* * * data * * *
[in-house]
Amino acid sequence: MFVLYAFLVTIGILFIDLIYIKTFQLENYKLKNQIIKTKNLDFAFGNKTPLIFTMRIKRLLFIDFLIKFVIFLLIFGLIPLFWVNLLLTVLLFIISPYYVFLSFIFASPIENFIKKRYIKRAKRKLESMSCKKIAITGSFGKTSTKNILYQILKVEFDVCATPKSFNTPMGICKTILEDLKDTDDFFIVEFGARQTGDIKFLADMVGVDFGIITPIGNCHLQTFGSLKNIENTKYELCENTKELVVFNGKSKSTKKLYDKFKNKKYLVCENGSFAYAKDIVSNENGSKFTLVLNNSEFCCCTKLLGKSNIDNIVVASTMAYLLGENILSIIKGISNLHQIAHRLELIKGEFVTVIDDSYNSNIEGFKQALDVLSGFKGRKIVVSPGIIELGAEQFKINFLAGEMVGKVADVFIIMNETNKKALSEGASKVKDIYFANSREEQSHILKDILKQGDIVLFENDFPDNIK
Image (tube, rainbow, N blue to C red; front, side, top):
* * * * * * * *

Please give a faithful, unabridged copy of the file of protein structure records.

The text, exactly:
[in-house]
Amino acid sequence: MFVLYAFLVTIGILFIDLIYIKTFQLENYKLKNQIIKTKNLDFAFGNKTPLIFTMRIKRLLFIDFLIKFVIFLLIFGLIPLFWVNLLLTVLLFIISPYYVFLSFIFASPIENFIKKRYIKRAKRKLESMSCKKIAITGSFGKTSTKNILYQILKVEFDVCATPKSFNTPMGICKTILEDLKDTDDFFIVEFGARQTGDIKFLADMVGVDFGIITPIGNCHLQTFGSLKNIENTKYELCENTKELVVFNGKSKSTKKLYDKFKNKKYLVCENGSFAYAKDIVSNENGSKFTLVLNNSEFCCCTKLLGKSNIDNIVVASTMAYLLGENILSIIKGISNLHQIAHRLELIKGEFVTVIDDSYNSNIEGFKQALDVLSGFKGRKIVVSPGIIELGAEQFKINFLAGEMVGKVADVFIIMNETNKKALSEGASKVKDIYFANSREEQSHILKDILKQGDIVLFENDFPDNIK
Image (tube, rainbow, N blue to C red; front, side, top):